Are iPhone emergency alerts really helpful?

Emma Rose Olsen, Social Media Manager and Copy Editor

The Wireless Emergency Alerts system (WEA) is used to warn the public about dangerous weather, missing children, and other critical situations. These alerts come through compatible iPhones and other mobile devices. The recurring question is, are these alerts actually useful?

The WEA system turns on authorized government authorities to send alerts about public safety emergencies to mobile devices in the affected area. AMBER Alerts are included in the WEA system, designed to solicit public information when searching for a missing child.

AMBER stands for America’s Missing: Broadcast Emergency Response. The acronym also relates to Amber Hagerman, a child kidnapped in Texas back in 1996.

Some US states also alert citizens with Silver Alerts. These alerts are for missing adults, specifically senior citizens with Alzheimer’s, dementia, or other mental disabilities.

The WEA alerts are not always well-targeted or helpful. Many people complain about being woken up in the middle of the night to look out for a missing Honda Accord in their area that could potentially contain a missing child. 

“When I see an alert pop-up on my phone, I typically don’t even read the information,” said senior Aidan Baker. “I just swipe the information away.”

These alerts break through the “Do Not Disturb” system that is incorporated in all iPhones and other mobile devices. There is no way of turning the alerts off in settings.

On a more concerning side, these alerts can be dangerous to the ears if you are wearing earbuds, or driving in the car. The loud sound and pitch of the alert can be irritating to people with sensitive hearing.

In addition, AMBER Alerts are thought to be helpful among the public, but they are not 100% effective. The AMBER Alert cases do not typically involve life-threatening abductors.

National Incidence Studies of Missing, Abducted, Runaway and Throwaway Children show that most alerts are about family custodial disputes over the children. Parents were the perpetrators in more than 90 percent of kidnappings and abductions.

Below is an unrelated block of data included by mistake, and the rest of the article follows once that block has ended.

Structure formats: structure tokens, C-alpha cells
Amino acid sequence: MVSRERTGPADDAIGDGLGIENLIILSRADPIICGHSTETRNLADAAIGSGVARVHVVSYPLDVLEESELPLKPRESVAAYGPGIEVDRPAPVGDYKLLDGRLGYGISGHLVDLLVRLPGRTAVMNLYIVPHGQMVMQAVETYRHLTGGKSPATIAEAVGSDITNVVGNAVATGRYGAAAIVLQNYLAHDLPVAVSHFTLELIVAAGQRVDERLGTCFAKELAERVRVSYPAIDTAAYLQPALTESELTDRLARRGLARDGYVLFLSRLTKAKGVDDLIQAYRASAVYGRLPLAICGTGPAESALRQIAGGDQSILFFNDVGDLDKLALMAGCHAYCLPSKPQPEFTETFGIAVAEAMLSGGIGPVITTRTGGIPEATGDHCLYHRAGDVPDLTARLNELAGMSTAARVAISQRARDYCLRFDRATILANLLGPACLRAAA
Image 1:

Mothers and female family members were responsible for the majority – 60 percent. However, fathers and male relatives were responsible for 64 percent of all kidnappings.

On the morning of January 13, 2018, a ballistic missile alert was issued through the Emergency Alert System and over television, radio, and cellphones in Hawaii

The alert stated that there was an incoming ballistic missile threat to the state. It advised residents to seek shelter, and concluded: “This is not a drill”. However, no outdoor warning sirens were sounded by the state.

But, this was indeed a drill. Later that morning state officials blamed a miscommunication during a drill at the Hawaii Emergency Management Agency for the message. Governor David Ige publicly apologized for the erroneous alert.

While the Hawaii alert did cause panic in the state, some may say their lives have been saved by iPhone alerts.

On March 3 this year a tornado hit in Nashville, Tennessee, which led to a total of 24 deaths. Citizens across the Nashville area were awakened by iPhone alerts warning of the tornado danger early Tuesday morning. 

Tennessee resident Billy Dyer, believes that if not for the tornado alert he received he would not be alive today. 

“If the cell phones didn’t have the emergency call, it wouldn’t have been good,” Dyers said. 

Another positive story took place in  East Windsor, Connecticut when a tornado warning from the National Weather Service called for a WEA alert to be sent out which saved as many as 34 lives. 

Inside the Sports World Complex soccer dome there were five adults and 29 children. The manager of the complex received the WEA on her iPhone. Immediately she evacuated everyone to a neighboring building. Just shortly after the alert, a tornado hit the dome, sending it flying across the interstate. All thanks to the warning issued by the National Weather Service Forecast Office, the children and adults were safe. 

So the question if iPhone alerts are really helpful still stands. While they might be annoying to listen to, in extreme cases they could easily save someone’s life.